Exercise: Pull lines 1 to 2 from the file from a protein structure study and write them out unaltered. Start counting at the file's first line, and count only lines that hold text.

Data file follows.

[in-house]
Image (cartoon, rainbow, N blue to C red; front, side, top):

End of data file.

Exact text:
[in-house]
Image (cartoon, rainbow, N blue to C red; front, side, top):